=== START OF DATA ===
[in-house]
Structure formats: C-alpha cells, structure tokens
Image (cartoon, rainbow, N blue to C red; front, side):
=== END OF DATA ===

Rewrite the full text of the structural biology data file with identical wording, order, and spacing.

[in-house]
Structure formats: C-alpha cells, structure tokens
Image (cartoon, rainbow, N blue to C red; front, side):